Talk:Using templates in Wiktionary

From Meta, a Wikimedia project coordination wiki

I use these templates in the Latin Wiktionary (except for the {{-xx-}} kind, there's little reason to differentiate them from =={{xx}}==: translations can be as much a definition as a full entry). The main reason I use them is because my Latin skills aren't perfect and someday someone may come along with a better name for certain languages, and it'll be easier to change them all at once.

Anyway. It isn't true that the translations can be copied without any changes. Alphabetization is an issue: the effort saved in not having to translate is transferred to moving things around so that they still appear in alphabetical order. This is also made slightly more difficult by the fact that presented with a code like {{eu}} one needs to already know that 'eu' will expand to (e.g.) 'Vasconice' (which admittedly isn't a large problem, as it unpacks on preview).

Another benefit of templates (generalized from above) that you don't mention is that for lesser-known languages, the preferred designation of a language may change. Even in languages like English this can happen, like Persian -> Farsi, Slovenian -> Slovene, etc. But a developing language community may have started out with (e.g.) "Monapice", or even just untranslated "Manx", and decide to change it later to "Mannensis" based on developing trends. Changing the template word will save on having to get a bot to change it (or worse, having it done by hand), though there is still the alphabetization problem.

A variation of this benefit is that people who don't know the language they're working in can just use {{eu}} and automatically have it replaced by the proper name.

Why is a new namespace needed? As I understand it, the template namespace was designed for translationary purposes like these. Incidentally, one can use a title like Template:en on any wiktionary—the software will automatically translate the word "Template" to the particular language's equivalent. —Muke Tever 16:23, 2 Sep 2004 (UTC)

The case for using -xx- templates[edit]

The useage of the -xx- templates (xx is a ISO 639 code) is not lexicological; it is used to indicate that the next part is going to be about a word in this language. Using this methodology allows you to create a list of words in that language. Something that without this method needs to be done by hand.

Another thing is that the -xx- template refers to something different from the xx templateon the nl:wiktionary; here it refers to a page that gives you a choise to:

  1. the article for the word in wiktionary.
  2. the article for the word in wikipedia.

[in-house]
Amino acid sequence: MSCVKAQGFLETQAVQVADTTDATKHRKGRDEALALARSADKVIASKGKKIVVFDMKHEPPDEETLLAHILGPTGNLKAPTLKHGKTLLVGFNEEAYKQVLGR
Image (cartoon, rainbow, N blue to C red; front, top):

3. the intention is to refer to the list of words in that language as well.

To make this clear I need some code that gets the "what links here" output for the template, does some filtering and alphabetises the list and publishes the new list. This is on my "todo" list.

  1. In what way is the normal use of {{xx}} (viz., {{xx}}: [[woord]]) not indicating that the next part is about a word in the language?
  2. The {{-xx-}} template's whatlinkshere is less useful, as it only lists words that have a full article on them, while the wiktionary will have many more words in that language defined with {{xx}} in translations sections. Using {{-xx-}} instead breaks this list, so that one cannot find all the words of a language in the wiktionary with one whatlinkshere.
  3. nl:'s {{-xx-}} templates don't even use the {{xx}}, which might help the previous point, instead they spell out the word in full.
  4. There's no reason that the {{xx}} template can't link to the same kind of page that nl:'s {{-xx-}} ones do. In fact, it's a good idea and I may implement it on la:. —Muke Tever 16:55, 2 Sep 2004 (UTC)
On the nl:wiktionary there is a difference between translations and articles about words.
  1. {{xx}} is exclusively used with translations.
  2. {{-xx-}} is exclusively used to indicate information on a word in that language.
These two templates, are both used in nl:wiktionary one template is not used in the other. Why would they?
The two templates can refer to the same content. That is up to you. The point is that the technically the usage is different. By making a distinction between the two you will not get double entries and you will only get the words for which there is an article.
I hope that from reading this you appreciate that there is a reason why there are both xx and -xx- templates. Thanks, GerardM 17:27, 2 Sep 2004 (UTC)